Orienteering 101

Orienteering 101
Weather wise, Saturday was one of those days that couldn’t make up its mind, freezing temps one moment and mild the next. Munchkin and I layered up and headed over to Waterfall Glen County Forest Preserve, for an introduction to orienteering. According to Wikipedia, “Orienteering is a family of sports that requires navigational skills using a map and compass to navigate from point to point in diverse and usually unfamiliar terrain, and normally moving at speed.” Sounds like fun, and both map-reading and compass skills are useful to know in this GPS-dominant world we live in.
When we got to the preserve, only 2 volunteers and the ranger greeted us, so it looked like the weather had chased the other registrants away. But with a rush and a push the stragglers arrived and it was time to begin. With map in hand and provided compass handy, we learned to orient ourselves to the North and then how to do it with the map.
The beginner orienteering course at Waterfall Glen is the only permanent course in the area. There is a more difficult course there as well, but it is being overhauled due to vandalism and neglect. The course we would follow featured 12 checkpoints and was about 2 kilometers long, definitely runnable.  Having some basic map-reading skills already, it seemed to me that the compass was superfluous, as trails were clearly marked – this was confirmed by one of the volunteers.
Orienteering 101
Munchkin is nothing if not extremely competitive, so he was eager to get going and be the first to finish, but alas we were relegated to third starters. As the first group jogged away, followed by a second group with a member that had done orienteering before, things did not look good for us. But, like the Energizer Bunny, Munchkin keeps going and going, and  he doesn’t give up unless things get really grim or he has a seven-year old typical meltdown. None of that today, though. We were off.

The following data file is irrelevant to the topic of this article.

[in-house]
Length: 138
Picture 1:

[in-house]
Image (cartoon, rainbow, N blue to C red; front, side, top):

The first checkpoint came up much faster than I expected, which made me realize I’d have to adjust my estimates of distance between points. Munchkin asked that I draw the animals from each point, but I elected to write the 2 letter codes instead, already breathing heavily from our stint down the trail. By the second checkpoint, we had the group ahead of us in our sights, and it was all I could do to hold Munchkin back. By checkpoint 4 we had caught and passed the first group, and then it was our dust they chewed on for the remainder of the route. Well, not really – we ran so fast we left everyone far behind.
Even though I could tell where we needed to go based just on map reading alone, I tried to get some extra practice in by orienting us to the map via compass and finding the bearing for the next checkpoint. I probably did this 5-6 times, so it was a decent amount for such a short course.
It was a blast being in the woods with Munchkin, sprinting along, sometimes falling over tree roots, occasionally marveling at the depth of the mud on the trail. The checkpoints made convenient targets and it kept Munchkin moving forward. We saw sections of Waterfall Glen we’d never visited, which is always a good thing. Orienteering was a lot of fun and something I’ve wanted to do for a long time, so I’m glad I not only got to try it, but had such a great time with one of my kids as well.

6 thoughts on “Orienteering 101

  1. This sounds like such a great time. Jacob is way competitive, too. In fact, we're hopefully doing a local O meet on Saturday, and since it's the day before Skippo I only want to hike it (the only way Jeff will agree to go anymore, anyway). The boy is not pleased with the plan. “If we can't run it, what's the point?”

    Probably 80%+ of our races the nav is by terrain features, but the compass can really come in handy when you need it!

  2. This sounds really fun! I want to learn more about orienteering. I would love to do some sort of adventure where I get dropped off in the woods and have to find my way home. First, I need the skills! Ha ha!

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